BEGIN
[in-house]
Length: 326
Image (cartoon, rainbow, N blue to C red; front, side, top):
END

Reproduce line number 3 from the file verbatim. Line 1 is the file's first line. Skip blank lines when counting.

Image (cartoon, rainbow, N blue to C red; front, side, top):